Gilman Louie: Cybersecurity: Time for Action

Gilman Louie on what this current administration must address in order to meet the growing cyber challenges of the 21st century. This article was originally published on The Cipher Brief

U.S. failure to fully develop and implement a comprehensive cyber security strategy created the perfect opportunity for Russia to attack the Democratic National Committee computer network, and enabled them to meddle and interfere with the U.S. presidential election.

Years of bickering by federal agencies – over which agency was in charge, who had which jurisdictions, who was going to pay, what information could be shared, what should be the role of the private sector, privacy and liability concerns, and who should be accountable – has left the United States with numerous cyber vulnerabilities, so that any country, non-state actor, or trained individual with reasonable skills can attack this country with little to no consequence.

Our country has failed to take the necessary actions to protect and secure its digital infrastructure and assets. Over 80 percent of U.S. businesses are hacked every year; some of our most valuable military technologies, data, and intellectual property have been stolen; and 21.5 million personnel records, including numerous caches of security clearance information, have been hacked. This is not the result of technology failing, but of failed policies and leadership.

These failures have created a window for emboldened hackers.  Countries, as well as non-state actors, no longer attempt to cover their tracks. The lack of sufficient consequences, combined with increasing profitability, has made attacks on high value targets in the United States something to brag about.

While there have been numerous cyber commissions, working groups, task forces, studies, and plans – such as the Cybersecurity National Action Plan of 2016, Commission on Enhancing National Security, Comprehensive National Cybersecurity Initiative, National Cyber Incident Response Plan, and National Strategy to Secure Cyberspace – as well as thousands of recommendations over the past 15 years, our country is more vulnerable today to cyber attacks, espionage, influence, ransom, and theft than it was 15 years ago.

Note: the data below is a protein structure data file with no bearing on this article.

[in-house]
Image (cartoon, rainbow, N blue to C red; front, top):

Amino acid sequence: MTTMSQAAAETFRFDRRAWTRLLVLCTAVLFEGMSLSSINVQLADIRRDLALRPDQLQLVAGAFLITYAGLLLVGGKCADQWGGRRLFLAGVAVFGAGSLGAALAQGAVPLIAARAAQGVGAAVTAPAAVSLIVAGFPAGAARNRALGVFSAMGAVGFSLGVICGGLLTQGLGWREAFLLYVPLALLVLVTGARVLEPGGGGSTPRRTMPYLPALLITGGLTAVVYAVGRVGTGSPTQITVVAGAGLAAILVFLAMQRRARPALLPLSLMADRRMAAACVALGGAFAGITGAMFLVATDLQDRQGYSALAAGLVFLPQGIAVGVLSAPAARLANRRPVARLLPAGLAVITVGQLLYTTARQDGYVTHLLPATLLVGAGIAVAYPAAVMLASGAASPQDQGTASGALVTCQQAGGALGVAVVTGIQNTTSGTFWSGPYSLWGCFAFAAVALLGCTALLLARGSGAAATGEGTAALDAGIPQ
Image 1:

This month, the Center for Strategic and International Studies Cyber Policy Task Force released a cybersecurity agenda for the 45th president This task force grew out of years of frustration over the lack of an effective national effort to protect cyberspace, and the growing concerns around cyber risks and vulnerabilities. Comprised of the leading cybersecurity experts from industry, academia, and government, the task force’s goal is to help the Administration establish a robust and effective plan that will create a secure and stable digital environment that supports continued economic growth while protecting personal freedoms and national security.

The task force laid out five vital recommendations Continue reading "Gilman Louie: Cybersecurity: Time for Action"

Gilman Louie: The Art of the Deal – with China

Gilman Louie and Joseph DeTrani address how the new administration can navigate the U.S. – China relationship. This article was originally published on The Cipher Brief.

President Trump said he wants to improve relations with China, but he has expressed concern with China’s theft of intellectual property, unfair taxes for U.S. companies in China, currency manipulation, product dumping and failing to reign in North Korea.  He took a congratulatory call from the President of Taiwan and questioned the “One China Policy.”  Many of his appointees have strong and divergent views on the issue.

Although the economies of the U.S. and China are mutually dependent, the possibility of a trade war cannot be dismissed.  Politically, tension in the South China Sea could purposely or accidentally devolve into military conflict.  Both scenarios can and should be avoided.

President Trump is an accomplished negotiator and in his book, The Art of the Deal, he describes several negotiating tactics that could be key to resetting U.S.-China relations. Here are a few we think are particularly applicable: